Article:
Leftists, "Conservatives," and the Founders

By:  Jack Kerwick, Ph.D.
10/06/2011
       
Leftists, "Conservatives," and the Founders

Whether leftist or rightist; Democrat, Republican, or Independent; “liberal,” “libertarian,” or “conservative,” anyone in search of a hearing in contemporary American politics is sure to express nothing less than unadulterated reverence for our country’s Founders. Doubtless, the old cliché that “actions speak louder than words” is not without its share of wisdom.  At least as true, though, is another consideration that, in spite of the regularity with which experience has born it out, has of yet failed to achieve such universal recognition: Some words speak louder than others.

There is quite possibly no arena like that of politics to which this maxim more readily pertains. Neither, perhaps, is there anything quite as illustrative of both the maxim itself and its political application as the ubiquitous phenomenon of enlisting the Founders in the service of justifying every conceivable ideological cause.

However, once we go behind the scenes of political theater, what we discover is that this trans-partisan devotion to the Founding Fathers is not what it appears to be. More to the point, what we see is that either the devotion was deliberately contrived from the outset or, if not, it is something that immediately gives way under the pressure of just a little familiarity with basic logic. For the vast majority of political actors — i.e., our fellow countrymen and women — their reverence for the Founders is either insincere or groundless.

Whether leftist or rightist; Democrat, Republican, or Independent; “liberal,” “libertarian,” or “conservative,” anyone in search of a hearing in contemporary American politics is sure to express nothing less than unadulterated reverence for our country’s Founders. Doubtless, the old cliché that “actions speak louder than words” is not without its share of wisdom.  At least as true, though, is another consideration that, in spite of the regularity with which experience has born it out, has of yet failed to achieve such universal recognition: Some words speak louder than others.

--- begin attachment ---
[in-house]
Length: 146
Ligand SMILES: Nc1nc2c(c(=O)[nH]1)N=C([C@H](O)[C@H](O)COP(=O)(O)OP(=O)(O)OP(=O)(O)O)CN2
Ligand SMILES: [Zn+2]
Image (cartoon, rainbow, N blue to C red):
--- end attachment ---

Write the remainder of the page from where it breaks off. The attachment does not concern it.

There is quite possibly no arena like that of politics to which this maxim more readily pertains. Neither, perhaps, is there anything quite as illustrative of both the maxim itself and its political application as the ubiquitous phenomenon of enlisting the Founders in the service of justifying every conceivable ideological cause.

However, once we go behind the scenes of political theater, what we discover is that this trans-partisan devotion to the Founding Fathers is not what it appears to be. More to the point, what we see is that either the devotion was deliberately contrived from the outset or, if not, it is something that immediately gives way under the pressure of just a little familiarity with basic logic. For the vast majority of political actors — i.e., our fellow countrymen and women — their reverence for the Founders is either insincere or groundless.

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Jack Kerwick, Ph.D. (photo)

 

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